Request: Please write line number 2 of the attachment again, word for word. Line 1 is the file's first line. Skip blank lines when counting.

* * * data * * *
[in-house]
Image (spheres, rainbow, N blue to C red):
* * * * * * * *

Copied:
Image (spheres, rainbow, N blue to C red):